A look at homeownership rates and the racial homeownership gap by state and metro area.
Homeownership is one primary way of building wealth. The overall rate of homeownership in the United States was 64.6% in 2019, but there is a significant gap in homeownership when the rate is broken down by racial demographics. Nearly three-fourths (73.3%) of white households were homeowners, while only 42.1% of Black households owned their home. Black Americans have the lowest rate of homeownership of any racial or ethnic group.
Although the overall rate of homeownership has steadily declined since the Great Recession, Black homeowners have recovered more slowly. While white homeownership is down 1.5% since 2009, Black homeownership has declined more than 4%.
The discrepancy between Black and white homeownership rates, which is referred to as the racial housing gap, is greater today than it was in 1960. The gap was 26 points, but has since grown to 33 points, and is even wider in many areas according to our research. Additionally, while the overall rate of homeownership has grown for all Americans, it increased only by 4% for Black families, compared to 9% for white families. For this report, we analyzed 2019 homeownership rates and the racial gap in all 50 states plus Washington D.C., and the 75 most populous metro areas.
The homeownership gap is the difference between the rate of white and Black homeownership. We determined the rate of homeownership by dividing the total number of householders from a given racial group by the number of householders from that racial group who also own their home. It is expressed in points. (The numbers are from 2019, which is the most recent data set available at the time of publication. You can read more about the data at the end of this article.)
The largest gap between white and Black homeownership is found in the Midwest, while smaller gaps are found in southern states, plus Washington D.C., Alaska, and California. North Dakota had the widest gap at 61.5 points and Washington D.C. had the smallest at 15.3 points.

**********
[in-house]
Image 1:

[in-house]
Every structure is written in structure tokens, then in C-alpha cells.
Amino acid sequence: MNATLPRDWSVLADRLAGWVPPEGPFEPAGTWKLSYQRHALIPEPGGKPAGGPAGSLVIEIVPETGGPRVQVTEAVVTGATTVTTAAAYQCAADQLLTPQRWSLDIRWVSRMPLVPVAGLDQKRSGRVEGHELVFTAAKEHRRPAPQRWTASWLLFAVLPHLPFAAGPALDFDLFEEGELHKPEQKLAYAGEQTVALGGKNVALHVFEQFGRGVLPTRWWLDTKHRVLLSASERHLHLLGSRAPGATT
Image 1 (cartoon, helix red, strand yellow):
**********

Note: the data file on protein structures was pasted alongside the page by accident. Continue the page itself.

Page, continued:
In other words, in North Dakota, of the 9,970 homes for which a Black person is the householder, just 5.2% of those householders actually own the home. But of the 280,928 North Dakota homes for which a white person is the householder, 66.7% of those householders own the home.
A larger homeownership gap tends to correspond to a low rate of Black homeownership, so similarly the rates of home Black homeownership are lowest in the Midwest, and highest in the South.
You can see the percentage of Black households that are homeowners as well as the percentage of white households that are homeowners in every state using the chart below.
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We also analyzed homeownership rates in the nation’s largest metro areas. The rate of Black homeownership ranges from 21.9% in Des Moines, Iowa, to 54.3% in Charleston, South Carolina.
|Metro area||Homeownership rate|
|Des Moines-West Des Moines, IA||21.9%|
|Minneapolis-St. Paul-Bloomington, MN-WI||25.6%|
|Urban Honolulu, HI||25.7%|
|Salt Lake City, UT||25.9%|
|San Jose-Sunnyvale-Santa Clara, CA||27.5%|
|Las Vegas-Henderson-Paradise, NV||28.4%|
|San Diego-Chula Vista-Carlsbad, CA||29.0%|
|Charleston-North Charleston, SC||54.3%|
|Baton Rouge, LA||51.3%|
|Cape Coral-Fort Myers, FL||48.9%|
|New Orleans-Metairie, LA||48.8%|
|Atlanta-Sandy Springs-Alpharetta, GA||48.7%|
In the cities we surveyed, the smallest difference in homeownership rates was 20.2 points in Charleston and the largest was 52.0 points in Des Moines. You can see a detailed breakdown of the 75 largest metro areas in the chart below.
Just like with the states, a larger gap usually corresponds to lower rates of Black homeownership in the cities. Des Moines has the largest racial homeownership gap at 52.0 points, and lowest rate of Black homeownership at 21.9%. Minneapolis, Albany, Allentown, and Salt Lake City similarly show a larger racial gap between Black and white homeownership with Black homeownership rates at the lower end of the spectrum.